Aims: To identify the type and extent of unmet needs in people with Parkinson's disease and to examine the impact of health locus of control and family support on these needs. Design: A cross-sectional study. Methods: This study was conducted from October 2015 - February 2016 in Korea. Data were collected through questionnaires focusing on unmet needs, health locus of control, family support and clinical features. Results: Therapeutic needs represented the highest percentage of unmet needs in people with Parkinson's disease (85.05%), followed by social/spiritual/emotional needs (82.72%). Physical needs were the lowest reported score (75.01%). Unmet needs were more frequent in those with more severe non-motor symptoms. Also, higher family support, internal locus of control and doctor locus of control were correlated with more unmet needs. Conclusion: Understanding factors that determine the type and degree of unmet needs in people with PD is important to provide appropriate nursing care. The findings of this study can be used for providing nursing interventions reflecting unmet needs and reducing their unmet needs to improve the overall well-being of people with PD. Impact: This study addressed unmet needs unmet needs specific to Parkinson's disease with respect to their nursing needs. Therapeutic needs were the highest unmet needs in people with PD, followed by social/spiritual/emotional needs, need for certainty and physical needs. The findings may be useful for nurses to identify the unmet needs of people with PD which need to be addressed. By reflecting on unmet needs, nurses can give personally tailored nursing care.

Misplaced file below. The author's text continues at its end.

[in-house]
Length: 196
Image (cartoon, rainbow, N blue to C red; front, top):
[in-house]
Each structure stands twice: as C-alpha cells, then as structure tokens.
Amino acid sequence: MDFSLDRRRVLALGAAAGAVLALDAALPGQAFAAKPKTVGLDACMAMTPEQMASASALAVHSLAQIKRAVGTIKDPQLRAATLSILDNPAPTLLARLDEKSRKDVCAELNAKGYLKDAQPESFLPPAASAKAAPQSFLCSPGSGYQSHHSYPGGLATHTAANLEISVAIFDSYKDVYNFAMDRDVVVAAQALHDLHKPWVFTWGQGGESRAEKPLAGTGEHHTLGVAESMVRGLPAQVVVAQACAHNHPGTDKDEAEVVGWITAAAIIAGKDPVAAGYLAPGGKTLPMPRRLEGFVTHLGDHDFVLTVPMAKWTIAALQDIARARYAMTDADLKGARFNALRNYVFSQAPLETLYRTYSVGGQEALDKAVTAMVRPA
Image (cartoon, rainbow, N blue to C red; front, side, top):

|Translated title of the contribution||Unmet needs of people with Parkinson’s disease: A cross-sectional study|
|Original language||Chinese (Traditional)|
|Number of pages||11|
|Journal||Journal of Advanced Nursing|
|Publication status||Published - 2019 Dec 1|
Bibliographical noteFunding Information:
Funding information This research was supported by Basic Science Research Program through the National Research Foundation of Korea (NRF) funded by the Ministry of Science, ICT and Future Planning (NRF-2015R1A1A3A04001474). Not applicable.
© 2019 John Wiley & Sons Ltd
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